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Cyber security strategies

Updated 11 Oct 2019

Cyber

Cyber security strategies need to take into account two very different types of target and reasons for attack – deliberate or unintentional. Financial gain is at the root of most cyber crime so it might be assumed that companies considered wealthy will be targeted as highest priority, but as many will be prepared to testify there is no lower limit and criminals will chase tens or hundreds of dollars just as readily as thousands or tens of thousands.

There has been so much publicity around computer frauds and things such as false invoices and unusual bank transactions that astute business people should not be fooled by such practices, but that is no guarantee that they will not. Bill of lading fraud has existed for centuries and still occurs regularly and although the ways in which paper frauds are perpetrated are well understood, the potential for new ways of defrauding with digital documents is massive and not well understood at all. This sort of fraud has big implications for shipowners because the value of cargoes usually far outweighs the value of ships.

To the old frauds can be added new methods such as ransomware attacks in which a piece of malware takes control of computer systems and the attacker only promises to restore control on payment of a ransom.

Financial fraud has an obvious driving factor but cyber attacks on computer networks can merely be malicious, perpetrated by hackers who gain some perverse pleasure from their delinquent activity.

A malicious attack on a ship operator can be very debilitating and prevent cargo bookings, production of cargo documents, payments of ship dues and supply invoices that could lead to an arrest of the ship and much more. Attacks on shore networks need to be addressed because of the financial loss and disruption to services but attacks to systems and networks on ships are a clear danger to life and property.

When it comes to protecting commercial information and even commercial assets, the onus is clearly upon the shipowner to establish needs and put appropriate measures in place. However, when it is security of ports, nations and safety of navigation that is threatened something more – or perhaps less – is needed.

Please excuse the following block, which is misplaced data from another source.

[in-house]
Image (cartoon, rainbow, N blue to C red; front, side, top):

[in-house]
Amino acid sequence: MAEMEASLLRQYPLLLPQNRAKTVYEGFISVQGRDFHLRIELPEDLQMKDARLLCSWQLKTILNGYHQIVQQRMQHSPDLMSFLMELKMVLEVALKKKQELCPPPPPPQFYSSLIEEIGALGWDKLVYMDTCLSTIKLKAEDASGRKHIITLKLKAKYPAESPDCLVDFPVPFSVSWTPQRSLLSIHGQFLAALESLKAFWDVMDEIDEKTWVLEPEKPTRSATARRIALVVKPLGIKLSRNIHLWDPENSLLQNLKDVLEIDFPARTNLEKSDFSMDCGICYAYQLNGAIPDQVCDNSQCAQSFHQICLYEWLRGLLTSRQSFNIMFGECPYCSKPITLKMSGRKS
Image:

The concept of e-navigation and the inevitable increase of electronics and software/firmware in systems and instruments pose risks that need to be addressed now before they have the potential to become the cause of a disaster. As previously mentioned, early computer use on ships was limited to the stowage and loading computer and word processors. Neither of these systems was connected to each other or to any other ship systems. However, since then shipping has seen the advent of integrated navigation systems and mandatory carriage of ECDIS, and with VDR data from all of the main systems are fed into one place with the possibility of contamination growing all the time.

There is no requirement under any aspect of SOLAS or STCW for crew to have training in IT with regard to anti-virus security or system recovery except under GMDSS where it is an option for ensuring system availability. It is certainly not part of the ship security officer’s role under ISPS or of the safety officer’s under ISM, even if the ISM Code does require essential systems to be available at all times.

Often the operating system of navigation equipment is proprietary and even if a seafarer has been given training in one system, there is no guarantee that his expertise would be useful in the case of a different maker’s equipment. System makers have naturally promoted the benefits of their equipment but have been less forthcoming on the potential for systems to be infected by viruses. For example, an ECDIS could be updated with electronic ‘Notice to Mariners’ data using a memory stick that may last have been used to download something entirely different from an internet site or another personal device that has been infected by a virus or bot.